BAD TASTE. Native people (left photo) of the Bikini Atoll in
the Marshal Islands, where joint Army-Navy bomb tests were held
in May 1946, carry their belongings down to the beach before
boarding a LST on March 13, 1946. The people were moved to a new
home on Rongerik Atoll, 109 miles away. In the right photo,
people are seen sitting in front of their new tent home on
Rongerik Atoll on March 14, 1946. (AP Photos/Clarence Hamm,
From The Asian Reporter, V29, #16 (August 19, 2019),
Beer named for Pacific island nuke test site
HAGATNA, Guam (AP) — A Texas-based company is facing
criticism for naming a beer after the location of nuclear tests
that resulted in the contamination of a Pacific island chain, a
Manhattan Project Beer Company is under scrutiny by Marshall
Islanders who were exposed to high levels of radiation by U.S.
government research from 1946 to 1958, The Pacific Daily News
The government and residents of the Republic of the Marshall
Islands have objected to the company’s beer named Bikini Atoll,
an area of the island chain that remains uninhabitable.
The name is insensitive to people still dealing with the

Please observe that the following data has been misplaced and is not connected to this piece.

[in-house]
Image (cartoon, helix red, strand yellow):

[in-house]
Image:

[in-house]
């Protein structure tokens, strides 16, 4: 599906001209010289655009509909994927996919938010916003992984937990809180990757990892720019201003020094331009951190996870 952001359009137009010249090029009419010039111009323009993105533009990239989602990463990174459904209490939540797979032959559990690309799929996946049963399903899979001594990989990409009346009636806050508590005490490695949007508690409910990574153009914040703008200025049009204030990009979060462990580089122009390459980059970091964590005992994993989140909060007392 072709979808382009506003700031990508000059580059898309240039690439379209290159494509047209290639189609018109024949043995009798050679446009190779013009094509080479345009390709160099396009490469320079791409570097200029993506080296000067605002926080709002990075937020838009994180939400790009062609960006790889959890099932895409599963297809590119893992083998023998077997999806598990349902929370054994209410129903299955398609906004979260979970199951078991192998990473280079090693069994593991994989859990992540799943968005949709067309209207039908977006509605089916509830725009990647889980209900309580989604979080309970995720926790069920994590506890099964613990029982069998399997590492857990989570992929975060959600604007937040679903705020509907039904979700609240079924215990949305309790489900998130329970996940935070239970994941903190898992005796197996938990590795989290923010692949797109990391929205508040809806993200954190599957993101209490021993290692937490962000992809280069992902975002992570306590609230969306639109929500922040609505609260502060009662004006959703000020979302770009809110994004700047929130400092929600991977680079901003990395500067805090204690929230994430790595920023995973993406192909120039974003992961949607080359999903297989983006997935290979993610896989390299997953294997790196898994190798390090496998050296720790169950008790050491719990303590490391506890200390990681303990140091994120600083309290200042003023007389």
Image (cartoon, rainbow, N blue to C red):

impacts of radiation decades later, islanders said.
The company has several beers with nuclear-themed names
including Half-life, Plutonium-239, Particles Collide, and 10
"Our beer named Bikini Atoll was not created to mock or
trivialize the nuclear testing that took place in the Marshall
Islands," the company said in a social-media post. The company
is "creating awareness of the wider impacts and implications" of
U.S. nuclear research programs, the statement said.
The company’s website does not mention nuclear testing in a
description of Bikini Atoll beer.
Following what it described as "significant harassment and
death threats," the company said it will take no further action
or make additional statements.
Marshall Islands Health and Human Services Secretary Jack
Niedenthal wrote a letter to Manhattan Project Beer co-founder
Misty Sanford saying she should consider the suffering caused by
the nuclear testing.
"The bottom line is your product makes fun of a horrific
situation here in the Marshall Islands — a situation that I
promise you is still ongoing — to make money for your company,"
Niedenthal wrote. "This is unacceptable to us."